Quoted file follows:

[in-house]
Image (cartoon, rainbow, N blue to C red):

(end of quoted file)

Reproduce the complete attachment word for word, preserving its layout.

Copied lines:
[in-house]
Image (cartoon, rainbow, N blue to C red):